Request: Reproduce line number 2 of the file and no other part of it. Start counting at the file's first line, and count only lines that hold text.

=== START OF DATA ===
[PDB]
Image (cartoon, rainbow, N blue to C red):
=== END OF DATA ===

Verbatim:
Image (cartoon, rainbow, N blue to C red):